”We cannot put off living until we are ready. The most salient characteristic of life is its coerciveness: it is always urgent, “here and now” without any possible postponement. Life is fired at us point-blank.” ~ José Ortega y Gasset

Being complete (as opposed to finished) is a term of art referring to the state of being empty in the moment—free—with peace of mind to handle whatever we need to handle in the present. Being complete allows us to work on the now part of life.

And here in my world at the end of the year, there seems to be less now than usual. Holiday shopping, year-end financial tasks, social events, and the Christmas letter I haven’t written yet for people I love from afar and never see: When is all that going to happen? And I haven’t even mentioned gingerbread boys.

People dealing with supply-chain or personnel or climate issues rather than gingerbread have exactly the same problem. All of our nows get squeezed by the past’s pressure on the future. I have two years’ worth of Christmas letters I never sent (past) and maybe my friends will think I’m dead if I don’t send one this year (future). I could send a card with one line: “Happy holidays. I’m not dead. Love, Nancy.” (This is the first time I have considered that as a possible action.)

All of us (in business, education, science, etc.) are afraid we can’t fulfill on promises in the future because of past expectations. Perhaps completion—being free from the past—requires, among other things, intellectual effort (not to be confused with “smarts”). It’s the effort to appreciate what’s so, not what we wish were so, what we imagine to be so, or what used to be so or what would be so if only Fred would do his damn job or days had 36 hours instead of their puny 24.

It’s definitely not ignoring what’s so.

What’s so is I have X amount of time. It takes a lot to stop and look—“What’s the best use of my time nowand what can I schedule later, and what doesn’t need doing by me (or need to be done at all)?”—instead of leaping into action. Not “finished,” and still complete in the moment. In my calendar and out of my head.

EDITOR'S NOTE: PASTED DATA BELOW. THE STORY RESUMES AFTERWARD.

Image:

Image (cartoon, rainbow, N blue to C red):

Intellectual effort involves resisting hope as a strategy and double-booking as a planning device. Intellectual effort involves taking a deep breath and having conversations to manage expectations and honor relationships (even with Fred) in a handshake with reality. Some things will not get done. Now what?

Speaking of Fred (incidentally, I don’t actually know anyone named Fred, so if your name is Fred, it’s not about you), I can’t be complete until I deal with my thoughts about Fred, which are also what’s so. Bringing some intellectual effort to the Fred question, I can admit that all my thoughts about Fred (good, bad or indifferent) have nothing to do with the actual Fred and what’s so in his world. For all I know, he may be trying to balance care for a special-needs child with his work schedule or getting an infusion for cancer every Friday.

Imagination may be great for brainstorming solutions. It is worse than useless for divining others’ motivations. Take the case that in the realm of “what’s so” with Fred—or with anyone—we have no idea. To be complete with people and quit wasting brain time inventing stories about them, we could have a conversation with them—a conversation in which, incidentally, listening functions as the more valuable half.

Being complete also has a place when something you’ve worked on ends. Even if it’s finished, you may remain faintly unsettled. This can be especially true if a project has been abandoned. Take a moment to acknowledge what you (individually or as a team) accomplished, what opportunities opened up, and what you learned. You can ask “What did I/we learn?” whether you succeeded, failed or didn’t try. Then you can declare it, as a pure act of will, complete.

And you’re ready for another now.